I am not asking that my criminal history be ignored.  However, I am asking that the extent of my self-transformation be given due consideration. I am asking that educational resources, which have a proven effect on transforming the lives of prisoners, be more equitably distributed. A college education reduces recidivism by over 50%. What must be understood is that I am not the only one that stands to benefit from this education. Indeed, society benefits because a transformed prisoner translates into a safer community.

Furthermore, Wesleyan University’s namesake, John Wesley, believed that the most despised and rejected can be transformed. He demonstrated this optimistic view of a redeemable human nature by bringing his Christian ministries into prisons. John Wesley looked at those dark pockets in society and saw hope. He saw a wilted people who could be revived through the light of education.

Let us not merely adopt John Wesley’s appellation, but adopt his principles. Let the advantaged among us seek out those spaces where human nature has appeared to have deteriorated and ask ‘how can I be of service?’

Prison is not my final chapter. I am still writing my autobiography and my great works lay before me. I believe it would be a disservice to society to write off me and my peers, as though we have reached the end of our life stories. I see myself accomplishing great things in life, like serving as a positive father figure for my son, becoming an accomplished writer, and working as a motivational speaker and social activist. These are the great deeds that I hope will fill the pages of my autobiography. I proudly boast that I see the same hopes, expectations, and triumphs among my fellow students in CPE. With the help of a higher education, they, like me, can also tell their stories with a common theme: one of redemption.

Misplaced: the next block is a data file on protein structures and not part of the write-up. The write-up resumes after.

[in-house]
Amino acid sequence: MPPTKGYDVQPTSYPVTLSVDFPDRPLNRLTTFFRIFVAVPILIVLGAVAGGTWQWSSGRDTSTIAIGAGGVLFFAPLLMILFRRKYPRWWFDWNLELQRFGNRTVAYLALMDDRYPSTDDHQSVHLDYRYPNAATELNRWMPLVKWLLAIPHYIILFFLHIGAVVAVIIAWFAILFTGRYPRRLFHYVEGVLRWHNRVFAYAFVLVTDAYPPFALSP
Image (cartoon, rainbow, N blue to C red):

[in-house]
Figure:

If interested in working with the CPE or learning more information, contact Zach Fischman ’13 (the current CPE Fellow) at zfischman[at]wesleyan[dot]edu.

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26 thoughts on ““I Define the I Am”: A Letter From Andre Pierce, Wesleyan Student and Cheshire Correctional Institution Prisoner

  1. Fellow Student

    Mr. Pierce, thanks for this. Thanks for reminding everyone what the whole point of us being here is.

  2. Pingback: Roth on Wesleyan » Blog Archive » Center for Prison Education Receives Major Grant!

  3. Wes09

    Wow. That was a phenomenal piece of writing. Feeling proud to be a Wesleyan alum.

    Well written and speaks volume to the unique character of Wesleyan students and those involved.

    To the clowns making derisive comments; save your judgements for somehwere else.

  4. Another fellow student

    Thank you so much for sharing this. You are an eloquent writer and your piece gives me hope for the future. There is real power in education. All the best to you and your fellow students.

  5. From a fellow student

    Mr. Pierce, you are a beautiful writer. Thank you for your story. It’s an honor to share with you the identity of “Wesleyan Student”. I wish you the best with your studies.

  6. Really...?

    If this guy is a Wesleyan student then so are the tens of thousands of students who have taken MOOCs with Wesleyan professors via Coursera…

    1. Senior

      So what makes a ‘true’ Wesleyan student? Is it living on campus for four years? Is it being a douche on Wesleying and discrediting someone whose life has changed because of Wesleyan professors? Is it having your parents pay for college so you can hold your nose up at someone who is genuinely valuing their education and not viewing it as a way to exclude others from your privileged class?

      There’s clearly a difference between 36 people having consistent person-to-person tutelage from a Wesleyan professor and taking a course online while reading a screen. You do see that, don’t you?

      Get the hate out of your heart and come to terms with the fact that higher education is a way to change the world and not to continue the war of privileged class versus unprivileged class.